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Diabetes Week 2018

National Diabetes Month 2017

National Diabetes Month 2017

Each November communities across the country observe National Diabetes Month to bring attention to diabetes and its impact on millions of Americans. Living with diabetes can be challenging to manage every day. You are the most important member of your diabetes care team, but you don’t have to manage your diabetes alone. Seek support from health care professionals, your family, friends, and community to manage your diabetes. Watch the video below, and when you’re ready learn more about managing your diabetes. Help Promote National Diabetes Month! We encourage partners, organizations, and health care professionals to use our resources and share our 2017 theme in their communities. Continue reading >>

Diabetes Prevention Week April 16-222018

Diabetes Prevention Week April 16-222018

Diabetes Prevention Week April 16-222018 April 16-22 isDiabetes Prevention Week. Wokingham Library and other libraries in the Borough now stock books and leaflets that can help raise public awareness of the risks of Type 2 Diabetes and how it can be prevented. Type 2 diabetes can lead to stroke, blindness, heart disease, kidney failure, limb amputation and early death. Find out if you are at risk by visiting diabetes.org.uk/risk #PreventingType2 Certain groups are at high-risk of developing Type 2 diabetes. You can help to prevent it by eating healthily, being more active & losing weight. Calculate your risk at diabetes.org.uk/risk and ask your GP practice about the NHS #Type2Diabetes Prevention Programme #PreventingType2 The NHS #T2Diabetes Prevention Programme provides free, personalised, tailored advice on eating healthily, being more active and losing weight. Ask your GP or Practice Nurse if you are eligible to take part and assess your own risk at diabetes.org.uk/risk #PreventingType2 Continue reading >>

Awareness Campaigns

Awareness Campaigns

World Diabetes Day is the world's largest diabetes awareness campaign and ismarked every year on November 14. World Diabetes Day reaches over 1 billionpeople in over 160 countries and aims to highlight key issues relating to diabetes. Women and Diabetes our right to a healthy future This year's theme focuses on women who are currently living with diabetes and the need to promote affordable and equitable access to essential diabetes medicines and technologies, self-management education and information they require to achieve optimal diabetes outcomes. The theme also highlights the importance of all women adopting healthy lifestyles to increase their capacity to prevent type 2 diabetes from occurring. All women living with diabetes need affordable and equitable access to care and education to better manage their diabetes and improve their health outcomes. Pregnant women need more access to screening, care and education to achieve positive health outcomes for both mother and child. Women and girls are key agents in the adoption of healthy lifestyles to improve the health and wellbeing of future generations. Click here to find out more about World Diabetes Day 2017 and download the campaign resources. World Diabetes Day Rundle Mall Meet Diabetes SA at Rundle Mall on Tuesday 14 November 2017. To help raise the community's awareness of the prevention of type 2 diabetes, this year Diabetes SA's Health Services Team are heading to Rundle Mall to hand out the Australian Type 2 Diabetes Risk (AusDrisk) Assessment Tool for everyone to calculate their own risk. If you're in the city on this day, please come along and say hello; our health services team will be on hand if you have any diabetes-related questions. This year Diabetes SA will mark World Diabetes Day with a seminar for Continue reading >>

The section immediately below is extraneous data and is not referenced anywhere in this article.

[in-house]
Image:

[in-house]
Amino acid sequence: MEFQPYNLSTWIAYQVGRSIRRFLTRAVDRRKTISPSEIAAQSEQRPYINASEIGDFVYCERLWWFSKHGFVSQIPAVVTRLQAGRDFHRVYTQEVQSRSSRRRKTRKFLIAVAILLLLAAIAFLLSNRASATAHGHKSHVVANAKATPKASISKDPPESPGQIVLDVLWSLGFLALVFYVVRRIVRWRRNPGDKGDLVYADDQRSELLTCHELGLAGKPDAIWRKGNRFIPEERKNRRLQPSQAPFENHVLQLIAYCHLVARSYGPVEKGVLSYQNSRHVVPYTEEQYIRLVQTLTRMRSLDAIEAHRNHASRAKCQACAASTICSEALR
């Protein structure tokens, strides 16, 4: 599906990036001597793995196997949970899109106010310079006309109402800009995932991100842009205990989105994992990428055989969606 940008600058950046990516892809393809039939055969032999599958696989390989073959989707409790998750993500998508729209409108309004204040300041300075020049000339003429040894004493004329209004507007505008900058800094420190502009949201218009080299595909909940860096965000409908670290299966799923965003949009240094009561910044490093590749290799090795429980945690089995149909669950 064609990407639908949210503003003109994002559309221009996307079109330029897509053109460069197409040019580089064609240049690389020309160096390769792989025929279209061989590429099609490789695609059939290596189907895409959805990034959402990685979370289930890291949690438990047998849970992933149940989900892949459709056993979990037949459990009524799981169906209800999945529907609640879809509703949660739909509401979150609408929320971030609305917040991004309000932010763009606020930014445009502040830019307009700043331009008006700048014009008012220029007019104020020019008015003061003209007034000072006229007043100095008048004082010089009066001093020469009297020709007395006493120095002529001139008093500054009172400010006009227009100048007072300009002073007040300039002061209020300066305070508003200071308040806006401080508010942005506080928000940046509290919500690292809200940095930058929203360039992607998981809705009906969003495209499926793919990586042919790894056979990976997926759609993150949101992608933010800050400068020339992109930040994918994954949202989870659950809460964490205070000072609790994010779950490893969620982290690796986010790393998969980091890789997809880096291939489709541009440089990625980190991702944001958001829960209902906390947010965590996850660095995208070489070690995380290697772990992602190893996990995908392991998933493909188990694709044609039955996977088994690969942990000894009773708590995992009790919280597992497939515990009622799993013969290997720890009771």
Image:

College Diabetes Week

College Diabetes Week

Stay tuned for College Diabetes Week 2018, November 12-16, 2018! College Diabetes Week is an annual celebration of living with diabetes in college, diabetes advocacy, diabetes education, and fundraising. It was held November 13-17, 2017. Many thanks to our College Diabetes Week 2017 Sponsors Dexcom , Insulet and Tandem Diabetes who made this CDW so successful.Click eachsponsorsname to learn more about how they worked with CDN Chapters this year. Dexcom is offering free Dexcom activity belts' to every CDN Chapter participating in CDW, as well as having Dexcom representatives attend Chapter events across the country. ForDiabetes Awareness Month (November), Dexcom held a campaign for T1Ds to show off their diabetes warrior status. For every Warrior Call that is shared or posted, Dexcom donated $1 to CDN and other charities supporting T1D! Insulet, makers of the Omnipod Insulin Management System worked with the following CDN Chapters to host Pod Challenges on Campus - for every DemoPod distributed on campus, Insulet donated to CDN! Continue reading >>